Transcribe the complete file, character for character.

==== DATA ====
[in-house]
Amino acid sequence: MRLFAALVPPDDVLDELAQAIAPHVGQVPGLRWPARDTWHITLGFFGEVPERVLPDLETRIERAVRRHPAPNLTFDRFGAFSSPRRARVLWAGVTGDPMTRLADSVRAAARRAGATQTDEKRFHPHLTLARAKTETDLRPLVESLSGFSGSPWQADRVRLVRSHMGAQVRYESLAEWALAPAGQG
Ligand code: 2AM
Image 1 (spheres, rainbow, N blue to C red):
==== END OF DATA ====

[in-house]
Amino acid sequence: MRLFAALVPPDDVLDELAQAIAPHVGQVPGLRWPARDTWHITLGFFGEVPERVLPDLETRIERAVRRHPAPNLTFDRFGAFSSPRRARVLWAGVTGDPMTRLADSVRAAARRAGATQTDEKRFHPHLTLARAKTETDLRPLVESLSGFSGSPWQADRVRLVRSHMGAQVRYESLAEWALAPAGQG
Ligand code: 2AM
Image 1 (spheres, rainbow, N blue to C red):